With the Xcel partnership, projections show that Denver will have “55% renewable electricity available by 2026 with no increase in electric rates, which is critical when you are dealing with equity issues in your community.”
Jerry also shared about Energize Denver, a program that requires large commercial buildings to benchmark their energy consumption, to report it publicly and receive a grade on their energy performance. This grade is published. Energize Denver began with buildings that were 50,000 square feet and above, now the program engages with businesses at 25,000 square feet or above. 90% participated in the first year of the program. They reduced their energy consumption by 4.5% in one year, collectively saving $13.5 million.
“Building owners and operators are very sensitive to these issues (encouraging sustainability and reducing emissions) once you bring them up, and they certainly liked saving $13.5 million.”
Municipal leaders are very much aware that the business community is a key stakeholder in meeting these goals. To encourage action, the City of Denver hosts the Sustainable Denver Summit. December 2019 will be the 5th summit held. Over the last four years this summit has encouraged businesses, nonprofits, academia, and government agencies to commit to specific actions to help the city meet their sustainability and climate change goals.
“We monitor the performance of all of these commitments, [and] we report to the community every year where we are on them. We have forums every month [to celebrate benchmarks that are met]. This is a tool that is unique among cities.” The City of Denver is taking a mentorship role for other cities interested in hosted sustainable summits. They are also waiting on approval to join the C40 cities, a global group of cities taking bold climate action, leading the way towards a healthier and more sustainable future.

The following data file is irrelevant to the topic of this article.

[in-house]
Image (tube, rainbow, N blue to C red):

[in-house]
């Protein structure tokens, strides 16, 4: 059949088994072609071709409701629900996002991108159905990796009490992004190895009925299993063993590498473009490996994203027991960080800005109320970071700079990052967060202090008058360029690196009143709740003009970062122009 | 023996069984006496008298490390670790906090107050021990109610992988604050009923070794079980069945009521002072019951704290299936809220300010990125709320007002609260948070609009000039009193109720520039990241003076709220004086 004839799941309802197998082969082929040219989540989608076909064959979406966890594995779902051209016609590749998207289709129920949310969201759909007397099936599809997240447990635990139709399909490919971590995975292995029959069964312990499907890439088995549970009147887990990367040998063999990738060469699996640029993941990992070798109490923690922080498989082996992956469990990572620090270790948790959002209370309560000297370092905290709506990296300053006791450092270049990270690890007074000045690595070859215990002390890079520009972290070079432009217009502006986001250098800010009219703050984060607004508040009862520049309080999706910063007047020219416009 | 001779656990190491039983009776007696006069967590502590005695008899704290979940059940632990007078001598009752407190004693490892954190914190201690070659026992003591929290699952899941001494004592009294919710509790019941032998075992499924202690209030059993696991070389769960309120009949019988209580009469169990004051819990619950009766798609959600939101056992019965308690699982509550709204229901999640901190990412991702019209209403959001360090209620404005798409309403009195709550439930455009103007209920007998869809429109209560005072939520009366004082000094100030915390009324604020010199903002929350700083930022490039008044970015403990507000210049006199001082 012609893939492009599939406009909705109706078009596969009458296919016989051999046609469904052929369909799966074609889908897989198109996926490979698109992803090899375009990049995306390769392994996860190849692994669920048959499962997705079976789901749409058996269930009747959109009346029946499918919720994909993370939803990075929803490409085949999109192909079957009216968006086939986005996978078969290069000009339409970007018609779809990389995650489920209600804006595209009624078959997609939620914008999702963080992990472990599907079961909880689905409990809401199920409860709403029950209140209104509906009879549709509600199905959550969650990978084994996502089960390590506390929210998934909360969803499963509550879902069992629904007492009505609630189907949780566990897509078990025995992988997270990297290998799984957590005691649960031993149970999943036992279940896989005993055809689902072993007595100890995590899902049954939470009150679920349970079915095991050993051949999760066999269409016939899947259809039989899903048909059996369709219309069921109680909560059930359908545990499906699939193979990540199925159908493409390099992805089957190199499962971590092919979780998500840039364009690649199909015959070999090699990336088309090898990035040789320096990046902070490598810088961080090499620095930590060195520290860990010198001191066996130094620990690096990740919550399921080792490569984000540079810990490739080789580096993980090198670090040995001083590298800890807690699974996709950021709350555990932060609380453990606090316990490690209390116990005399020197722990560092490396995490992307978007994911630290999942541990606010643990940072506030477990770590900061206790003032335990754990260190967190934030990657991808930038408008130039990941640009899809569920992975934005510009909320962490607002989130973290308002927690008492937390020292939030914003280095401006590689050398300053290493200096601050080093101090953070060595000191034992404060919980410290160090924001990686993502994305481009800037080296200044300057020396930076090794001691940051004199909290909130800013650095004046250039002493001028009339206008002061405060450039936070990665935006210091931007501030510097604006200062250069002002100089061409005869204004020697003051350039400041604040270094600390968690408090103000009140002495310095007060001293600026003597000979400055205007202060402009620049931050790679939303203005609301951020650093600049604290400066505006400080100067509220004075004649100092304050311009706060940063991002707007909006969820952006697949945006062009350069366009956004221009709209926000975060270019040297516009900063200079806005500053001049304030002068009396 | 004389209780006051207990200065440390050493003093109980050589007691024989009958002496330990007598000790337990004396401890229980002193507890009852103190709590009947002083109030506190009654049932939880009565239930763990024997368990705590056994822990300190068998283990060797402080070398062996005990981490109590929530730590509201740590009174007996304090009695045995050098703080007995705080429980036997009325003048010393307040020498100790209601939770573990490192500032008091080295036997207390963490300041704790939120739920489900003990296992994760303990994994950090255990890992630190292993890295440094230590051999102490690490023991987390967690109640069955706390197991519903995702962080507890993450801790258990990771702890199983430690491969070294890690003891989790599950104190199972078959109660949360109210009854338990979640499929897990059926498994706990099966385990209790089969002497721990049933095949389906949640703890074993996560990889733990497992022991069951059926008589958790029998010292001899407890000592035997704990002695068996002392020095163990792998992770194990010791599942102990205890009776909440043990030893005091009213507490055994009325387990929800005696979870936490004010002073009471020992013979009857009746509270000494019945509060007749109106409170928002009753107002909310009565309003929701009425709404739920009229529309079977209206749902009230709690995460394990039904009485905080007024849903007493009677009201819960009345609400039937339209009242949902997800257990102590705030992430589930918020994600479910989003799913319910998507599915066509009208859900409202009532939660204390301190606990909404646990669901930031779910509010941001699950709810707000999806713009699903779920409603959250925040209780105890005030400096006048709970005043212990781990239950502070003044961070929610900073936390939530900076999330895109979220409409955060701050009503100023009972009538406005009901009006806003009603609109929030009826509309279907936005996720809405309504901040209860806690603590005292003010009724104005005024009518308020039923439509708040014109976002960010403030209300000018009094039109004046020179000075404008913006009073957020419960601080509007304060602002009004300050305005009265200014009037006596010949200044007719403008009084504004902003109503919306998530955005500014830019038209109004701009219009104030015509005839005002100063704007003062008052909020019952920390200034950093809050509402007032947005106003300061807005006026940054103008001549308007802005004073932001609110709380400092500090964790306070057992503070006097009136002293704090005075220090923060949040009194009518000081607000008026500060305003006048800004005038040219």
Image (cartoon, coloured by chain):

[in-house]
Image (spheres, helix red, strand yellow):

The Importance of Mitigation and Resilience Planning in Tandem
“All of these numbers are secondary to the most important number of all which is the concentration of greenhouse gases in the atmosphere, that, no city on its own can resolve. We work closely with cities around the US and around the world to coordinate these efforts.” – Jerry Tinianow
At this critical crossroads, we need cities to serve as leaders in this space and work to reduce emissions and build resilience. We now have greater insight into the planning process behind two leading cities.
While cities play an important role in reducing greenhouse gas emissions, these environmental challenges cannot be conquered alone. Businesses need to partner across industries and with cities to deliver impact at a transformative scale.
You can also check out our recently released Businesses Acting on Rising Seas Report to hear more about how small businesses are taking action, and learn how you too can be more prepared and embrace sustainable practices.